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Missing Content-Security-Policy Header

Here is an example of a Java code that does not set a Content Security Policy (CSP) header, leaving it vulnerable to injection attacks:

­čą║┬áVulnerable Code

import java.io.*;
import javax.servlet.*;
import javax.servlet.http.*;

public class NoCSPVulnerable extends HttpServlet {
protected void doGet(HttpServletRequest request, HttpServletResponse response) throws ServletException, IOException {
// Generate response
PrintWriter out = response.getWriter();
out.println("<html><body>");
out.println("This page does not set a Content-Security-Policy header.");
out.println("</body></html>");
}
}

This code is vulnerable to injection attacks because it does not set a CSP header, allowing an attacker to potentially inject malicious script or other content into the page.

­čśÄ┬áSecure Code

Here is a version of the same code that sets a CSP header in a secure way:

import java.io.*;
import javax.servlet.*;
import javax.servlet.http.*;

public class NoCSPSecure extends HttpServlet {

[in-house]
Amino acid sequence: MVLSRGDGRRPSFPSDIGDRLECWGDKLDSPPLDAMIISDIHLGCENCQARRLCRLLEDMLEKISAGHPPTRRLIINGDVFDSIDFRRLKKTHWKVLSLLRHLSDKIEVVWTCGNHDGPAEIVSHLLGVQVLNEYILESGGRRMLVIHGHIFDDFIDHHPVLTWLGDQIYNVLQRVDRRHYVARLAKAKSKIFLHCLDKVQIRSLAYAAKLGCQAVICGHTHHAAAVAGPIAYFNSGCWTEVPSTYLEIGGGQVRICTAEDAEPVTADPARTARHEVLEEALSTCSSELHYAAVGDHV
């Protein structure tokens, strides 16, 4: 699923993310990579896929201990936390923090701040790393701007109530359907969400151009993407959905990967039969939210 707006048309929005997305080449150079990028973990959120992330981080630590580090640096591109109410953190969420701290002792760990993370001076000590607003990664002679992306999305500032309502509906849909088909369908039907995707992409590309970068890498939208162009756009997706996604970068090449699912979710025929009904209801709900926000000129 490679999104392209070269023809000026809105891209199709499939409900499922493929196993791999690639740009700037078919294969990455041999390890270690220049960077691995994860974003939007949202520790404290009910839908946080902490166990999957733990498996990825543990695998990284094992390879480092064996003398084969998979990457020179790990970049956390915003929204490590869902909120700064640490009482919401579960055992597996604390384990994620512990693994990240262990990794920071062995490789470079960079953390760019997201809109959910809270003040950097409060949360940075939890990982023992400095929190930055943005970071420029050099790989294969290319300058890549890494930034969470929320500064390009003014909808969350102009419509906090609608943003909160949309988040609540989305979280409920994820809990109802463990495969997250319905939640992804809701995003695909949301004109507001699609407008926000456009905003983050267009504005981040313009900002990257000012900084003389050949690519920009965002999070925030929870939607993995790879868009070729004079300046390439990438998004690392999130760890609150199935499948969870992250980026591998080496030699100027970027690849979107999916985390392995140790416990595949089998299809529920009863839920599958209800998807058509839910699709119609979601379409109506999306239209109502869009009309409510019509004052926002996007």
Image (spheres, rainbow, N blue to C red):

protected void doGet(HttpServletRequest request, HttpServletResponse response) throws ServletException, IOException {
// Secure code: The application sets a default-src CSP header to block all untrusted sources
response.setHeader("Content-Security-Policy", "default-src 'none'");

// Generate response
PrintWriter out = response.getWriter();
out.println("<html><body>");
out.println("This page sets a Content-Security-Policy header to block all untrusted sources.");
out.println("</body></html>");
}
}

This version of the code sets a default-src CSP header to block all untrusted sources. This helps to prevent injection attacks by ensuring that the page only loads trusted resources, and blocks any potentially malicious ones.

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